In order to bring you the best possible user experience, this site uses Javascript. If you are seeing this message, it is likely that the Javascript option in your browser is disabled. For optimal viewing of this site, please ensure that Javascript is enabled for your browser.
Did you know that your browser is out of date? To get the best experience using our website we recommend that you upgrade to a newer version. Learn more.

We use cookies to optimise the design of this website and make continuous improvement. By continuing your visit, you consent to the use of cookies. Learn more

ELECTRa : International study shows high success rates of Lead Removal Procedure In patients with Cardiac Devices

Presented at Heart Rhythm 2016, first prospective, multinational study on rapidly growing procedure shows positive outcomes.



A new, large study shows that 95.7 percent of individual leads were successfully removed using a procedure called transvenous lead extraction (TLE). The ELECTRa (European Lead Extraction ContTRolled) Registry, hosted by the European Heart Rhythm Association (EHRA) a registered branch of the European Society of Cardiology (ESC), is the first multinational, multi-center, prospective registry of consecutive patients undergoing TLE. The research was presented today at Heart Rhythm 2016, the Heart Rhythm Society’s 37th Annual Scientific Sessions, and includes data from both high volume and low volume medical centers.

The rate of cardiac rhythm device implantation such as pacemakers or defibrillators is on the rise[i] and therefore complications are increasing, leading to a parallel growth of the TLE procedure. There are occasions when it is necessary to remove a device and any associated leads when there is infection, venous occlusion, lead malfunction or failure, or safety alerts. While TLE has become a central treatment option for patients, the safety and efficacy can vary widely.   

Data from 73 centers across 19 countries of the ESC were collected using a web-based system. The primary objective was to evaluate the acute and long-term safety of TLE. The secondary objective included the description of patient characteristics, types of leads, indications for TLE, extraction techniques, success rates of TLE and the comparison between low and high volume centers. A high volume center is considered one that sees an average of 30 patients a year (or 2.5 patients a month) and a low volume center sees less than 30 patients per year.

A total of 3,555 consecutive patients undergoing extraction of 6,493 leads were enrolled in the registry. Leads were extracted from the right atrium, right ventricle, coronary sinus and other locations. Major and minor complications were 2.7 percent and 5.2 percent, respectively. High volume centers had fewer major (2.4 percent vs. 4.1 percent) and minor (4.5 percent vs 8.1 percent) complications compared to low volume centers. Procedure-related major complications occurred in 58 patients (1.7 percent). The most common procedure related complications were cardiovascular complications requiring surgical repair, pericardiocentesis or chest drain insertion.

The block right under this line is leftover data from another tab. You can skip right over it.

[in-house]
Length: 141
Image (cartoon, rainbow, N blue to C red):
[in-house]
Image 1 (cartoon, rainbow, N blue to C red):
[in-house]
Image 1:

“The success rates of our study were higher than originally predicted, which is encouraging. This is the first time that we’re seeing the safety of transvenous lead extraction in a large group of patients on a prospective, consecutive basis, which is clinically important. We can now use these results to further testify that TLE is an effective option to improve the quality of care for patients undergoing lead extraction,” said Maria Grazia Bongiorni, MD, University Hospital of Pisa in Italy. “While we saw great success rates, device therapy still poses many risks and complications, so it’s important that we continue to explore and push the boundaries for new technologies like embracing leadless pacemakers as the way of the future.”

The authors also looked at 12-month follow-up data and observed 3.2 percent of complications related to infection and 5.2 percent of complications related to non-infection conditions.

 

Sessions details:

“ELECTRa (European Lead Extraction ConTRolled) Registry: Long-term Outcomes on Transvenous Lead Extraction in Europe”

 

Notes to editor

[1] Raatikainen, M.J. Pekka, Arnar, David O., Zeppenfeld, Katja, Merino, Jose Luis, Levya, Francisco, Hindriks, Gerhard, and Kuck, Karl-Heinz. Statistics on the use of cardiac electronic devices and electrophysiological procedures in the European Society of Cardiology countries: 2014 report from the European Heart Rhythm Association. Europace. 2015, 17: i1-i75. doi:10.1093/europace/euu300